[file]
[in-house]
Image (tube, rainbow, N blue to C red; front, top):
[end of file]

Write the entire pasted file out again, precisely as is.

[in-house]
Image (tube, rainbow, N blue to C red; front, top):